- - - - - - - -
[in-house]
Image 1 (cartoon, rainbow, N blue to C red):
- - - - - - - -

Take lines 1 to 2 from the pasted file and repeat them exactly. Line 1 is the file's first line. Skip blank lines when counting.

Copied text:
[in-house]
Image 1 (cartoon, rainbow, N blue to C red):